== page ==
According to recent release from the U.S. Centers for Disease Control and Prevention (CDC), there are new guidelines recommended for giving children antibiotics to cure the common cold. New research suggests that antibiotics cannot cure upper respiratory infections. Furthermore, the prescriptions carry a risk to more than 10 million children because upper respiratory infections can result from antibiotic complications. Parents are advised to not give their children antibiotics unless it is truly needed.
The CDC said antibiotic resistance is at the top of the list for health concerns in the United States. Overuse and unnecessary dosage of antibiotics fuels that resistance. Side effects from antibiotics are also undesirable since they can include nausea, diarrhea, vomiting, dizziness, and headaches within patients and may not even cure the sickness. The side effects from antibiotics alone account for more than 150,000 doctor visits each year. It is also common for kids to have severe allergic reactions.
According to the American Academy of Pediatrics, one out of five pediatric visits result in an antibiotic prescription. They conclude out of the total prescriptions issued every year in the U.S., more than 10 million issued for infections in the upper respiratory area will not improve from the antibiotics.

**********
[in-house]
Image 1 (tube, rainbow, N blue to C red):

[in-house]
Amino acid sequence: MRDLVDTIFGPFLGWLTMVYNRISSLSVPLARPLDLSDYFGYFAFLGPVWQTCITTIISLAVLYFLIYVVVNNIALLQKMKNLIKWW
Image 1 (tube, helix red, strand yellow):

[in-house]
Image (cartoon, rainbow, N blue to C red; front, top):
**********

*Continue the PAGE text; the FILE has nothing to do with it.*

The CDC, in conjunction with the American Academy of Pediatrics, issued new principles for doctors to follow for the child patients:
-Establish whether the infection is viral or bacterial (antibiotics cannot fight viruses)
-Assess the benefits vs. harm of opting to use the antibiotics
-Issue suitable prescribing procedures (covering dose and duration)
There was a time when bacterial infections were among the highest causes of death in children. Paul Ehrlich, a physician and scientist, found the first effective antibiotic, arsphenamine. Yet, the side effects were so dire that many died from taking the antibiotic. Many drugs followed as the years went on and finally penicillin was discovered as safe and effective. Soon after, penicillin and other similar compounds were widespread and are still used today. Antibiotic use did dramatically lower risks of death in pediatric cases. However, it is the widespread use that led to the problem today.
Studies continue to highlight that persistent use and misuse of antibiotics led to multiple strains of resistant bacteria.
The CDC maintains that around 2 million Americans are infected with the antibiotic resistant bacteria each year and 25,000 reportedly die. They are adamant about the new guidelines because any use of antibiotics whether necessary or not will contribute to the risk of an individual’s resistance to antibiotics taken in the future.
Alternative treatments are available before turning to antibiotics. The American Academy of Family Physicians says parents can use vapor rub, zinc supplements and nasal irrigations. It also can help to wait out to see if symptoms diminish before rushing to the doctors’ office.
The CDC urges parents and doctors to consider the new guidelines before giving their children antibiotics. The new underlying recommendation is to not give antibiotics unless positive and negative outcomes are considered and be aware that taking antibiotics when you have a virus will end in more harm than good.
By Cayce Manesiotis